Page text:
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Journalists Encounter Virtual Eno

June 25, 1997 12:00 AM ET

Never one to take the conventional route, Brian Eno is not only handling worldwide promotion of his new album, The Drop (All Saints Records), from his new home in St. Petersburg, Russia, but he's also conducting all interviews via E-mail. Billboard's Nigel Williamson reports that the former Roxy Music man has requested that journalists -- and even his U.K.-based publicity firm, Celebration -- direct their inquires to him via the Internet for at least the duration of his stay in St Petersburg, where he has gone to work on projects while taking a sabbatical from teaching in London. Meanwhile, the ambient-music progenitor's new album, three years in the making, features 17 instrumental tracks, some experimenting with drum'n'bass rhythms, others dominated by throbbing pulses. "There are lots of melodies, although they move in an angular and slightly irrational fashion. They keep changing direction, trying to find out where they are going," Eno says-by E-mail, of course. "I don't want to do something that's well covered by a lot of other people. My pleasure and pride is in discovering new places for music to go."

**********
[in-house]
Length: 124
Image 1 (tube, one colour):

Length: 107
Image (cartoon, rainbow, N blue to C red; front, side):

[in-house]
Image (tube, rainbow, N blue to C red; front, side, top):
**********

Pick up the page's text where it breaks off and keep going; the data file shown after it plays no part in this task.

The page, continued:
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Song Stories

“Nightshift”

The Commodores | 1984

The year after soul legends Marvin Gaye and Jackie Wilson died, songwriter Dennis Lambert asked members of the Commodores to give him a tape of ideas. "And the one from Walter Orange has this wonderful bass line," said co-writer Franne Golde. "Plus the lyric, 'Marvin, he was a friend of mine' ... Within 10 minutes, we had decided it should be something like a modern R&B version of 'Rock 'n' Roll Heaven,' and I just said, 'Nightshift.'" This tribute to the recently deceased musicians was the band's only hit without Lionel Richie, who had left for a solo career.

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